How to become a Sales Representative

Sales representatives sell goods and services to industry, business and professional establishments, as well as to wholesale or retail outlets.

Personal requirements of a Sales Representative

  • Enjoy working with people
  • Friendly and confident manner with a pleasant personality
  • Able to work without direct supervision
  • Able to clearly present product and service information
  • Good personal presentation
  • Excellent communication skills

Education & Training for a Sales Representative

You can work as a sales representative without formal qualifications. You will probably get some informal training on the job. Entry to this occupation may be improved if you have relevant sales qualifications. To work as a sales representative in a specialised or technical area, you will usually need to undertake post-secondary study in that area. For example, chemical sales representatives often need tertiary or technical qualifications, plus experience, in fields such as science or engineering to work in industrial chemical sales. As subjects and prerequisites may vary between institutions, you should contact your chosen institution for further information. You can also become a sales representative through a traineeship. Entry requirements may vary, but employers generally require you to gain your Senior Secondary Certificate of Education.

Additional Information

A drivers licence is usually required.

Duties & Tasks of a Sales Representative

Sales representatives: • visit clients to demonstrate use of products, show samples and take orders • arrange a schedule of visits to major potential buyers by contacting people and making appointments • develop and update knowledge of their own products and the products of their competitors • speak with other sales and marketing personnel in their company to determine the best methods of promoting products • establish customers' needs and explain and demonstrate products to them, which may involve providing technical descriptions of products and how they may be used • quote and negotiate prices and credit terms • prepare contracts and record orders • report to employers on sales and provide feedback about the marketing of new or established products • carry out formal presentations of products using videos and other training aids, attend promotional markets and organise product displays • work on telemarketing campaigns • plan and work towards meeting sales targets and budgets • use e-business technology.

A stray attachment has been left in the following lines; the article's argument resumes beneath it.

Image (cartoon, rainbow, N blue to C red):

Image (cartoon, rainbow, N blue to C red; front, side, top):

Working conditions for a Sales Representative

Sales representatives spend a lot of time travelling from one location to another, including country and interstate locations. Meeting sales targets and budgets can be stressful.

Employment Opportunities for a Sales Representative

Sales representatives are employed by retail, wholesale, insurance and manufacturing organisations, which are usually located in large cities. They may be required to cover city, suburban or country areas, or in some cases, interstate or overseas territories. When taking on a sales position, ensure that you understand the terms of employment. Some jobs are paid on a 'commission only' basis. Other jobs offer a 'guaranteed' income, but this payment may be advanced against future commission earnings and could be reclaimed by the employer when you leave. If you are employed as a subcontractor, you will effectively be in business for yourself, without entitlements to sick pay, annual leave or other benefits.

Avg. weekly wage:

$1,200

Future growth:

Moderate

Employment by state:

ACT ACT 0.4%

NSW NSW 34.7%

NT NT 0.6%

QLD QLD 19.9%

SA SA 2.4%

TAS TAS 2.3%

VIC VIC 31.5%

WA WA 8.1%

Hours worked:

43.6

Unemployment:

Higher unemployment

Gender split:

Male 46.8%

Female 53.2%

Education level:

Not completed Year 10: 1.6%

Not completed Year 12: 8.1%

Highest qualification is secondary school: 25%

Highest qualification is a Certificate 3 or 4: 23%

Highest qualification is a Diploma or Advanced Diploma: 14.3%

Highest qualification is a Bachelor degree: 20.2%

Highest qualification is a Postgraduate Diploma or Graduate Certificate: 7.8%

Age brackets:

15-19 - 1.4%

20-24 - 6.9%

25-34 - 19.9%

35-44 - 23.3%

45-54 - 21.1%

55-59 - 14.2%

60-64 - 9.7%

65 and Over - 3.6%

*The data above is sourced from the Department of Employment’s Job Outlook website.

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